Plastic waste has become an unprecedented pollution issue around the globe. From visible plastic litter on land and in oceans to invisible microplastics in lakes, mountains, and rain, the planet is increasingly blanketed in the petrochemical remnants of plastic production. With petrochemical companies avoiding fossil fuel carbon liabilities by massively increasing plastic production, the amount of plastic waste generated is set to climb dramatically. This report examines the current and emerging methods by which plastic waste is managed globally and questions whether any of them present a solution to the rapidly accelerating generation of plastic waste. The short answer is that recycling at the margins cannot provide a solution to plastic pollution when plastic production is set to grow exponentially. Other ‘recovery’ waste management techniques such as incineration, plastic to fossil fuel, and downcycling to incorporate plastic waste in roads, will simply generate more pollution. The only long-term answer to plastic pollution is to produce less plastic. This seems unlikely while the petrochemical industry needs plastic as a safe haven from its carbon liabilities. Increasing plastic production offsets falling demand for its fossil fuels.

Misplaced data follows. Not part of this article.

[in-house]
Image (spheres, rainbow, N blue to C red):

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Have more than one trick in your bagReuse your bags to limit their impact. Slip your reusable bags into your purse, car, gym bag so that you always have reusable bags with you. By doing this, you will contribute to a circular economy that respects the environment.Adopt your new reusable bagWicker baskets, shopping nets, tote bags, etc., many sustainable alternatives exist and are now available to everyone. Not only ecological, but use them to make a statement about your commitment to the planet.Surfrider tote bag
Plastics Study suggests bacteria in cow’s stomach can break down plastic Scientists find micro-organisms from the bovine stomach have ability to degrade polyesters in lab setting Natalie Grover @NatalieGrover Fri 2 Jul 2021 05.14 EDT Last modified on Fri 2 Jul 2021 06.00 EDT Bacteria found in one of the compartments of a cow’s stomach …